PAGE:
Depression glass, silk flowers, a screened back porch door that slammed if you weren’t careful, wintergreen gum tucked into the drawer of an apothecary cabinet, black and white photos of my grandfather with the faintest hint of red lipstick on the glass, tiny bottles of perfume on a mirrored tray, a bass bed so high off the ground a child would have to run and hurdle to get into it, plates of fudge, handpainted china in a glass cabinet, crystal bowls of sugared candy on marble top cabinets, a hand-carved white shelf above the tub that I’d always bonk my head on before being wrapped in fluffy pink towels, sunlight streaming through the lace curtains in the bathroom, a butter churner in the corner of the kitchen, grapevines in the backyard, a cracking porch always with a fine dust of red West Texas sand, pecan trees and squirrels in a front yard rimmed by a wooden fence, black and white movies, copper pans hanging from the bakers rack, a closet full of high heels, a grandfather clock’s chime every fifteen minutes, chocolate milk, newspaper crossword puzzles, a wood burning fireplace that also consumed tissues, stained glass above the kitchen sink, diamond jewelry, fried chicken, handsewn quilts, tubes of red lipstick, and matching bottles of fingernail polish.
These snippets of my childhood are just a few of the memories I have of my Grandmother’s house in Lubbock, Texas.
My Grandmother, Helen Willaphene Privitt, was born in Lubbock, Texas in 1924 and came from a long line of great housekeepers. Her mother, Lizzy Buchanan, came to Texas in a covered wagon as a young girl. Tasked with washing, cooking, ironing, cleaning, and help with her younger siblings – her own mother demanded perfection in her own house from her daughters. These domestic skills were passed onto my Grandmother – who grew up with four brothers. Her upbringing is speckled with stories of similar tasks – washing, cooking, cleaning, and helping her mother in the kitchen, helping prepare and serve lunch. After her brother and sister-in-law had babies, she moved in to help with the children during her senior year of high school.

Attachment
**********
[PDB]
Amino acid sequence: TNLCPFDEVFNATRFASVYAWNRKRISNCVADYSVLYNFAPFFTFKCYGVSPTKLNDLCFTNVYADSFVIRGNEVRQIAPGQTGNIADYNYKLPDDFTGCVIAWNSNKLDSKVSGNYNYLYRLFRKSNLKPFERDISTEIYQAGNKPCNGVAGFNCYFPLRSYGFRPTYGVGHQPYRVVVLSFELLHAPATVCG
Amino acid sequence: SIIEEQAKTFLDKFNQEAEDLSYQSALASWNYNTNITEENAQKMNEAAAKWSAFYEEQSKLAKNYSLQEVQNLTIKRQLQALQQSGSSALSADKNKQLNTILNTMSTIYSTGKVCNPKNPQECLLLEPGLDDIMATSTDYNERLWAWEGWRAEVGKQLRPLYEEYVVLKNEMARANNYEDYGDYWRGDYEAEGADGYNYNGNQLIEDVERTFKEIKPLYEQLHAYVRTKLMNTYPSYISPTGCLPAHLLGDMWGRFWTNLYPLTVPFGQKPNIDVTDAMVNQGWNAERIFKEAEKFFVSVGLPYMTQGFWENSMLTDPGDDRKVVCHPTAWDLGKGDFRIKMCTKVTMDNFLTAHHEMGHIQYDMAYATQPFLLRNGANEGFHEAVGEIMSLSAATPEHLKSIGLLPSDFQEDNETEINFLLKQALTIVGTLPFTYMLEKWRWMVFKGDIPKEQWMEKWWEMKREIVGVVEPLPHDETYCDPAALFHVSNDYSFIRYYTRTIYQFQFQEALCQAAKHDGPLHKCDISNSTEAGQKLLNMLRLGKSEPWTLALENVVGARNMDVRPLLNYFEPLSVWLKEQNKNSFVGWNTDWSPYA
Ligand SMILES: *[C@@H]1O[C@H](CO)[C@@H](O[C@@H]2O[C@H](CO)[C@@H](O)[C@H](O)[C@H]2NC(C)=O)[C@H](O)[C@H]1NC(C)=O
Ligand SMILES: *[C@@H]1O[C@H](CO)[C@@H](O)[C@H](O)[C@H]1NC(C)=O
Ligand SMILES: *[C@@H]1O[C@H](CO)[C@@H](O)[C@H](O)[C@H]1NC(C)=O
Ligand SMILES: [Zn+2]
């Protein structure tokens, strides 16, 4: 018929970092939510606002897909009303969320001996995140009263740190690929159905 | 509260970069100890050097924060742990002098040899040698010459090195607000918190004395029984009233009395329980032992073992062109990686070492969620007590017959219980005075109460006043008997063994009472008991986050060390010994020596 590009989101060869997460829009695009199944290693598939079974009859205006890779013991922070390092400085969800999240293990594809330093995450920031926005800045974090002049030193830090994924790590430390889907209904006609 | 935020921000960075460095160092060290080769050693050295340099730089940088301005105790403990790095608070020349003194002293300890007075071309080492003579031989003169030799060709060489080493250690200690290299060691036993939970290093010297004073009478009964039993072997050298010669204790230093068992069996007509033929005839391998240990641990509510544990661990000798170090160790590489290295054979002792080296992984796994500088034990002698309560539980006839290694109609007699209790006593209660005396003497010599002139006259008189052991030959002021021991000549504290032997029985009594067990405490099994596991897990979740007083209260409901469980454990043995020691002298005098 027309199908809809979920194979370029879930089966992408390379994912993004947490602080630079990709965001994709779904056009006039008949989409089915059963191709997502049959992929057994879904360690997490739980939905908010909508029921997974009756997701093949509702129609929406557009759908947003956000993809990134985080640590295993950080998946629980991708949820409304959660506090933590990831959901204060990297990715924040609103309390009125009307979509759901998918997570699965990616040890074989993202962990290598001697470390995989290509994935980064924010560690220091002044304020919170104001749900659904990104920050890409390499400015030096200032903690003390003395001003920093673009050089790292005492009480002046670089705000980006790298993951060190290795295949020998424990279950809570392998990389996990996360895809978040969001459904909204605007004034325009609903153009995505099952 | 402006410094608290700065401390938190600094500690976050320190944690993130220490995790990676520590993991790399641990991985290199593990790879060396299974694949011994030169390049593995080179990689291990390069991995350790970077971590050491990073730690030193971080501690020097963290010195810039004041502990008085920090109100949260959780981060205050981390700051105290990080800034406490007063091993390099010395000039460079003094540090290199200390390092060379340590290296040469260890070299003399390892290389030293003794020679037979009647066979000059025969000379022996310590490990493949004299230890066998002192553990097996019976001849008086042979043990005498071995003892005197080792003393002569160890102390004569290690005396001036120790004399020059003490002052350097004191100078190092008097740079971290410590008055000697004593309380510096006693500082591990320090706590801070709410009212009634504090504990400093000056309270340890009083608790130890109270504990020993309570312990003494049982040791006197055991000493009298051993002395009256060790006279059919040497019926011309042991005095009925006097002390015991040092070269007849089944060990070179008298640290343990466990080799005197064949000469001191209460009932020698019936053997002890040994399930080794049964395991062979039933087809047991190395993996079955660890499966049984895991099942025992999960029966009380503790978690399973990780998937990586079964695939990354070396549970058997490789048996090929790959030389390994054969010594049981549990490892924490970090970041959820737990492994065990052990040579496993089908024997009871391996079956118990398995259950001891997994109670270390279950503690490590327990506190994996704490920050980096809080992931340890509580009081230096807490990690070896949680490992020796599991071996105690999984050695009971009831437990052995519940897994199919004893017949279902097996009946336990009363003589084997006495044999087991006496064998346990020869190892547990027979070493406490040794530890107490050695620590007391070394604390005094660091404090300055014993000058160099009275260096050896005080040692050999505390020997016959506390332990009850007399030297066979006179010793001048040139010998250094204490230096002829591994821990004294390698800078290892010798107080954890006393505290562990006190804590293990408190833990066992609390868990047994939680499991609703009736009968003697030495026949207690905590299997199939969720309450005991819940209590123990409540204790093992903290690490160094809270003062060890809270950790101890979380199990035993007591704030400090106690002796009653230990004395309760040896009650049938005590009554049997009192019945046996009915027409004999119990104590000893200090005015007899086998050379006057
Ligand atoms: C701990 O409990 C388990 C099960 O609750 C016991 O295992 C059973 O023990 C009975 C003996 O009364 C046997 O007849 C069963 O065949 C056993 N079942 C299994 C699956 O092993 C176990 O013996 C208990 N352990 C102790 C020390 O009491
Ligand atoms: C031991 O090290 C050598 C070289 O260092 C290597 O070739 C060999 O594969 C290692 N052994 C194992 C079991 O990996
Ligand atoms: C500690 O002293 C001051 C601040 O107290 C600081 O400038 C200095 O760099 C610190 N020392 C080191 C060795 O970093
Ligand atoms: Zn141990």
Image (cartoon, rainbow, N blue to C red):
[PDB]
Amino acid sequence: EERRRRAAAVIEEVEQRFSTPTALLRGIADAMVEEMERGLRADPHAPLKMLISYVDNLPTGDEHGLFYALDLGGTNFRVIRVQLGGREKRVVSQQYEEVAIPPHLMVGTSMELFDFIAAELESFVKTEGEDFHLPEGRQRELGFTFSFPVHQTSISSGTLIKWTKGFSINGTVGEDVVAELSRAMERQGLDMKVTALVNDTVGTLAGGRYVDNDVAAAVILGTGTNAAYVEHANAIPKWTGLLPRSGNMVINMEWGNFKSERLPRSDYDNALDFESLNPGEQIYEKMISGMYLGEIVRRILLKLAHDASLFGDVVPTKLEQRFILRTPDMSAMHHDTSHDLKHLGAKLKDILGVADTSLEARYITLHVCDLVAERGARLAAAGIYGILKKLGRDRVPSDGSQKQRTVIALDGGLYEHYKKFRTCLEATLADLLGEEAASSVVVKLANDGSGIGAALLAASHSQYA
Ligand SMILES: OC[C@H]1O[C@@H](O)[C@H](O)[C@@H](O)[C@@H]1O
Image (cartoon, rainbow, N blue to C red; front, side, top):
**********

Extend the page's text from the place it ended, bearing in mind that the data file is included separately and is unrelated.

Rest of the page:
Willaphene worked at Borders Milk and Ice cream Company in downtown Lubbock. She walked to the bus station everyday to return home. My future Grandfather, known to everyone as “Buckshot”, owned a confectionary store next to the Palace Theatre (a genius idea before movie theatres decided to have their own concession counters). He sold candy, caramel corn, and cokes.
“It was a money making business,” she recalled.
Willaphene’s colleague from Borders was married to the manager of the Palace Theatre. My grandmother and her friend would walk together, say their goodbyes outside the theatre, and Willaphene would continue on towards the bus station. Buckshot saw her from the large window of his shop, and inquired of the manager’s wife for an introduction. Willaphene scoffed when I asked her if she was nervous to meet him.
“Oh no, I’d already had two marriage proposals by then that I had already declined – it was the war, you know. But I just wanted to stay in Lubbock. I was a homebody, that’s what I liked,” she nodded. So she met my grandfather, Buckshot, in June 1947 and married him two months later, much to the chagrin of my great-grandmother.
“She didn’t want me to leave home! I was too much help to her!” she explained. My father was born a year later.
When my Dad was older, she went back to work. She was a buyer for Hemphill Wells, a department store in Lubbock, Texas. She traveled to New York and Dallas for market. I remember her always dressing fashionably – complete with big earrings, high heels, and red lipstick.